You'd be forgiven for wondering exactly what the Amazon Echo is, if you don't own one (especially as it's been a US-only exclusive since its November 2014 launch, though it is now coming to the UK). Is it a speaker? A hub for your smart home hub? A digital assistant? A gateway into the future?
Well, all of that, in a way. To get you up to speed on what the Echo is and isn't, and how it fits in with the rest of your home gadgets, we've put together this explainer for Echo beginners - read on to learn more about the Echo, Alexa, the Dot and the Tap.
The Amazon Echo UK release date is 28 September. The Amazon Echo price is £149 and will have £50 off for Amazon Prime customers in the UK for the next 48 hours. The Echo Dot is shipping on 20 October but you can pre-order today for £49.
A very brief history of the Amazon Echo
When the Amazon Echo launched in November 2014, people weren't sure what to make of it. It looked like a smart speaker, but worked like Siri, and no one else had really made anything like it. Would this be another Fire Phone-style hardware disaster for Amazon?
Absolutely not. The device has reportedly gone on to shift more than 3 million units since it launched, and because it largely relies on cloud technology it gets new software updates and features all the time. The next logical step is for sales to expand outside of the US.
Standing 23.5 centimetres tall, the Echo is fitted with a seven-piece microphone array, and is activated by a simple voice command ("Alexa" by default). It needs a Wi-Fi connection to work properly and the original version needs a power connection at all times too.
The first Echo has recently been joined by several alternative models, of which more below, and the Alexa digital assistant powering the device (and in some ways more important than the Echo itself) has just made the jump to Amazon's line of tablets.
What the Echo can do for you
Think Siri in a Bluetooth speaker, as we mentioned above, and you're not far wrong - the Echo taps into all the knowledge on the web, so can quickly get weather forecasts, word definitions, historical dates, news headlines, and so on in response to a voice command.
Say "Alexa" followed by your question and chances are the Echo will know what you're after. It goes way beyond search though: you can use the Echo to order items from Amazon, stream music, listen to audiobooks, wake you up in the morning and more.
The Echo supports third-party 'skills' as well, so developers outside Amazon can write apps to let the device stream music from Spotify, read out tweets or order a ride from Uber. There's no screen here, obviously, so every output has to be spoken back to you.
Of course the Echo took its inspiration from apps like Google Now and Siri, but Amazon's smart move was to put this kind of technology inside a small, cylindrical speaker - Google even tipped its hat to Amazon when unveiling its own Echo, the Google Home gadget.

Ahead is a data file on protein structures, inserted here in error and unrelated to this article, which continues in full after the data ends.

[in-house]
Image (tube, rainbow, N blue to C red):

Alexa, the brains behind the Echo
The Echo can work as a normal Bluetooth speaker, but most of its functionality is provided by Alexa, the smart digital assistant behind the scenes: Alexa is always listening by default, but only kicks into action when you say "Alexa" followed by your command or query.
Over time, Alexa has got smarter, adding extra understanding of your calendars, the sporting events that matter, recipes and more. It's made so much progress that there's now talk of it arriving on desktop computers to go head-to-head with Microsoft's Cortana.
As we've mentioned, other apps can connect to Alexa, and one of the Echo's newest tricks is interacting with other smart home devices in your home (if the developers allow it): this is the kind of extra functionality that can be added to Alexa and the Echo very easily.
You can even get Alexa in app form on Android and iOS, enabling you to control your Echo from your smartphone and experiment with Alexa's skillset even if you don't have an Echo. No doubt Amazon has more big plans for Alexa across its own hardware and beyond.
Variations on an Echo
Earlier this year, Amazon launched two new Echo devices: the Echo Dot, a smaller version of the original Echo that needs a separate speaker to plug into, and the Tap, a portable Echo than runs on batteries (and which isn't always listening, to save on power usage).
With the Echo Dot costing £49 or $89.99 and the full-sized original Echo yours for £149 or $179.99, there's a device to suit every budget - and as noted earlier, you can expect to see the Alexa assistant spread across to plenty more gadgets in the future.
As so much of the Echo's functionality relies on the cloud and its software, there's no need to rush out hardware upgrades all that regularly, though we'd expect to see an Echo 2.0 turn up at some point. Really, all it needs to do is to be able to listen and talk back.
With the updates we've seen to the likes of Siri, Google Now and Cortana, it's obvious we're all going to be speaking to digital assistant apps across all our devices very soon - and the Echo, with Alexa, has helped to make sure Amazon has a place at the table.
- Don't forget that Amazon also makes some very nice e-readers